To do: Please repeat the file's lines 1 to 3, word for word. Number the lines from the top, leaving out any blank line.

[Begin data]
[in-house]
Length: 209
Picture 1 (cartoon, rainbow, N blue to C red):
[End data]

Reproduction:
[in-house]
Length: 209
Picture 1 (cartoon, rainbow, N blue to C red):